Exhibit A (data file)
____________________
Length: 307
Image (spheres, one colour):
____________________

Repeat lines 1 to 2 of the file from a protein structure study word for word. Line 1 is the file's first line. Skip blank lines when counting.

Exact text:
Length: 307
Image (spheres, one colour):